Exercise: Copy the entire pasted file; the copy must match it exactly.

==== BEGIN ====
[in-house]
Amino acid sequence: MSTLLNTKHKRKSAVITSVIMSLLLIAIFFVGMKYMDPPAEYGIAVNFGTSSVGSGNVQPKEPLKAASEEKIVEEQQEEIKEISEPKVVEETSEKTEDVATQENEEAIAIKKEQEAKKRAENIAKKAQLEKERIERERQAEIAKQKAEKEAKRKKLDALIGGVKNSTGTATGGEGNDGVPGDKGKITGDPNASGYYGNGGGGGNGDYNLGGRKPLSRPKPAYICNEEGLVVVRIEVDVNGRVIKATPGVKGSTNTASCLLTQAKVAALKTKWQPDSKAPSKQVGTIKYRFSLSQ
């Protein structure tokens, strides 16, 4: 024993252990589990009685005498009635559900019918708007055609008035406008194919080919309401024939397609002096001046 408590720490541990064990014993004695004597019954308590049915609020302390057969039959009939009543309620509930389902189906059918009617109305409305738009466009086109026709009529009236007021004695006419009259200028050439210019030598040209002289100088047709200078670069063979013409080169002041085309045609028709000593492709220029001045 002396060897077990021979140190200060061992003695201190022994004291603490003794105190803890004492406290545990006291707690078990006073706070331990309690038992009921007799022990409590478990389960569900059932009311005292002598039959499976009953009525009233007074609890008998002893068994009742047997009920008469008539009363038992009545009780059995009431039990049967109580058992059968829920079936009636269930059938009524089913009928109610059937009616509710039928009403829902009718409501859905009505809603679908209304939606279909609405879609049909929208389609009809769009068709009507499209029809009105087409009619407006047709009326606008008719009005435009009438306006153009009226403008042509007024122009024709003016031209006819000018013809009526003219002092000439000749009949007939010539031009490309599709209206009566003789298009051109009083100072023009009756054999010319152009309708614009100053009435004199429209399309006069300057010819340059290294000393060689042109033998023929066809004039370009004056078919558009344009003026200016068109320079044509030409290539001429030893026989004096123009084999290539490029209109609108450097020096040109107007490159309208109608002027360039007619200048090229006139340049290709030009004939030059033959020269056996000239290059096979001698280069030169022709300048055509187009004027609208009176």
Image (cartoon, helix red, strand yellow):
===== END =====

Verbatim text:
[in-house]
Amino acid sequence: MSTLLNTKHKRKSAVITSVIMSLLLIAIFFVGMKYMDPPAEYGIAVNFGTSSVGSGNVQPKEPLKAASEEKIVEEQQEEIKEISEPKVVEETSEKTEDVATQENEEAIAIKKEQEAKKRAENIAKKAQLEKERIERERQAEIAKQKAEKEAKRKKLDALIGGVKNSTGTATGGEGNDGVPGDKGKITGDPNASGYYGNGGGGGNGDYNLGGRKPLSRPKPAYICNEEGLVVVRIEVDVNGRVIKATPGVKGSTNTASCLLTQAKVAALKTKWQPDSKAPSKQVGTIKYRFSLSQ
């Protein structure tokens, strides 16, 4: 024993252990589990009685005498009635559900019918708007055609008035406008194919080919309401024939397609002096001046 408590720490541990064990014993004695004597019954308590049915609020302390057969039959009939009543309620509930389902189906059918009617109305409305738009466009086109026709009529009236007021004695006419009259200028050439210019030598040209002289100088047709200078670069063979013409080169002041085309045609028709000593492709220029001045 002396060897077990021979140190200060061992003695201190022994004291603490003794105190803890004492406290545990006291707690078990006073706070331990309690038992009921007799022990409590478990389960569900059932009311005292002598039959499976009953009525009233007074609890008998002893068994009742047997009920008469008539009363038992009545009780059995009431039990049967109580058992059968829920079936009636269930059938009524089913009928109610059937009616509710039928009403829902009718409501859905009505809603679908209304939606279909609405879609049909929208389609009809769009068709009507499209029809009105087409009619407006047709009326606008008719009005435009009438306006153009009226403008042509007024122009024709003016031209006819000018013809009526003219002092000439000749009949007939010539031009490309599709209206009566003789298009051109009083100072023009009756054999010319152009309708614009100053009435004199429209399309006069300057010819340059290294000393060689042109033998023929066809004039370009004056078919558009344009003026200016068109320079044509030409290539001429030893026989004096123009084999290539490029209109609108450097020096040109107007490159309208109608002027360039007619200048090229006139340049290709030009004939030059033959020269056996000239290059096979001698280069030169022709300048055509187009004027609208009176």
Image (cartoon, helix red, strand yellow):